Rifles, guinea pigs and socks -- it's Black Friday

Anchorage Daily NewsNovember 29, 2013 

It's almost like the term "Black Friday" doesn't make sense anymore. At least not in Anchorage this year.

The notorious crowds on the megashopping marathon started Thanksgiving Day at some stores. At others, lines sprang up as early as Wednesday afternoon. So by early Friday morning, on actual Black Friday, many big chain stores like Best Buy, Wal-Mart and Toys R Us had only scraps after shoppers rushed the doors Thursday evening.

Candy Hamilton, 30, and Tonya Sell, 27, who live on Joint Base Elmendorf-Richardson, were part of that day-early sprint, but they kept running on fumes through the night and into Friday morning.

"That cut into our family time," Sell said about their shopping trip that began at 4:30 p.m. Thursday. "But money is tight nowadays so we've got to catch the deals where we can."

Both Hamilton and Sell have two children at home and husbands in the Army. Their Christmas lists were long and kids' pining for the Disney Infinity video game strong. That's one of the things they were buying at the toy store around 5 a.m.

The duo had planned their shopping venture for a week. They clipped coupons, capitalized on price matching and took advantage of pre-Black Friday deals offered at some stores -- all to save a little cash.

"You do what you can where you can," Sell said.

Shoppers' tales of Black Friday planning, and lack of planning, were as varied as the items up for purchase. Some shopped for necessity, others for tradition and some just because.

"Well we didn't have anything better to do," said Troy Bowens, a University of Alaska Anchorage student.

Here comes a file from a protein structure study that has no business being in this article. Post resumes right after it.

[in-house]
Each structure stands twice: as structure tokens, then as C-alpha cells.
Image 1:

Bowens camped out at Sports Authority at Tikahtnu Commons for two hours Friday morning in subzero temperatures with five longtime friends.

Their setup included foldable chairs, hot chocolate, blankets, a portable heater and Red Bull.

Bowens said he wasn't looking for anything specific. He hadn't even looked at the store's deals. Bowens was in it for a shot to win a $500 store gift card awarded to one of the first eight in line.

Then there was Matt Lacher, an Army veteran, who meandered next door at Target just before 5 a.m.

His story was different. He said he needed a nontypical Black Friday.

Lacher has post-traumatic stress disorder and doesn't like to be around large groups of people, he said. So he hasn't been to Black Friday in years, he said.

But Target's 8 p.m. opening on Thursday afforded him the stress-free opportunity to shop for pet food for his blue Weimaraner, Gertrude "Girdee" Anne. He said he went early Friday morning thinking he would be between the throngs of people on Thursday and later in the day.

Across town in South Anchorage, some places still had the classic early morning crowd.

Russell Parker, 46, arrived at Sportsman's Warehouse around its 6 a.m. opening after he saw an ad for $150 off a Bushmaster .223-caliber rifle.

By the time shoppers were allowed in the store, the snaking line had more than 100 people in it, he said.

Parker then waited an hour at the firearm counter to fill out the legal paperwork. He said some people in front of him were buying two or three of the rifles, marked down to $579.99.

"I'm the type of person that avoids Black Friday like the plague," Parker said. "With this, it's such a good deal."

And of course, there was the traditional Black Friday sock sale at Fred Meyer from 5 a.m. to noon, with many people crowding around boxes of socks lining an indoor walkway.

Sara Robison, 48, has attended the sale, in which all socks are 50 percent off, for more than a decade. She had about 10 pairs of socks, many adorned with cats, in her cart late Friday morning.

"I'm trying to stay under control this year," Robison said. "I usually buy too many, but I have to cut back."

 

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